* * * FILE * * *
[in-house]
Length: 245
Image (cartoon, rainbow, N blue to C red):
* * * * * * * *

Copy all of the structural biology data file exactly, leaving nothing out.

[in-house]
Length: 245
Image (cartoon, rainbow, N blue to C red):